Gigs, dance, art

November 15th, 2008: Annamyradova / Baïbusynova / Issatayeva / Pirmatova / Kasymova / Baigashkaeva

@théatre de la ville

Despite the limitations of the format, this proved a great introduction to music I didn’t know anything about. Still don’t, actually. But I know have motivation to expand my musical interests westward: there seem to be an ensemble named Tengir-Too that I’d definitely like to check out. The limitation came from the concept and setup: there were six performers from four countries sitting in a semi circle on stage, and apart from the two musicians from Kyrgyzstan who played together, each would play for a short while in turn. Good for an introduction, but they were good enough to make it frustrating as well, as each would have been worth a full length concert. There are a few extracts of the performance here (that blog is in French, seems to be interesting stuff there about this region, most about Turmenistan).

The first was Uljan Baïbusynova from Kazakhstan — her name is also spelled Ulzhan Baibussynova — who sang and played dombra — a two stringed lute. Her voice had a raspy quality that was a bit unsettling at first but that quickly won me over and by the end was my favorite voice of the whole. Her costume was dazzling enough, but not as much as her playing. On the other hand, she was the one I felt would have most benefited from having more time.

The two performers from Kyrgyzstan were Zalina Kasymova on Kyl Kiak, Komuz and Jigatch and Gulbara Baigashkaeva on Komuz and Timur Komuz — head over here for pictures of these. No singing here, but their music was the one I liked best, and they’re part of that Tengir-Too ensemble that I’m hence very interested in. I don’t know exactly why, in a sense it was more diverse because of the different instruments, but maybe I was also influence by there being two of them playing together. Their jew’s harp duo was definitely standing out, but that kyl kyak was the one I liked best. They also had the simplest costumes, especially Zalina Kasymova, and that probably struck a chord, or at least was less of a distraction.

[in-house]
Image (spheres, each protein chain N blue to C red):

Ardak Issatayeva also sang and played dombra and also came from Kazakhstan, but her voice was completely different. A powerful and clear voice, not unlike western classical music. Her playing was also different, but here there was no such occidental comparisons. I did like Baïbusynova better, but I’d gladly go to one of her full concerts. I guess it’s not a surprise the styles were so different, that place is huge.

Then Nodira Pirmatova from Uzbekistan sang and played dotar during her first song. A totally different sound, more familiar to me and closer to middle eastern or persian music. Amazing voice, though the lack of surprise made it less interesting it was most enjoyable anyway.

Finally, Tawus Annamyradova from Turkmenistan, who also sang and played dotar. And also reminded me of the same familiar music, in a different way. Both she and Pirmatova played less than the others, which was still frustrating, even though they were the ones I liked less, because I felt I had less to discover.

So it was more than one and a half hour, but still felt way too short. I guess looking at a map should have told me which ones I’d like best, but that’s pretty much moot, because I would be very happy to hear any one of these performers again. And of course any Kyrgyz music whatsoever.

One last thing. I assume they have been touring together for some time, and I think they must have been playing together — musicians tend to do such things. I know that would definitely not fit in the format of this thing, but I would love to hear such exchanges.


November 16, 2008 - Posted by | Music | , , , , , ,

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